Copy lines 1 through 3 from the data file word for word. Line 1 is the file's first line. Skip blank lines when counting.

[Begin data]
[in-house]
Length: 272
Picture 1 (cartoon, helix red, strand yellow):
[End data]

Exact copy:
[in-house]
Length: 272
Picture 1 (cartoon, helix red, strand yellow):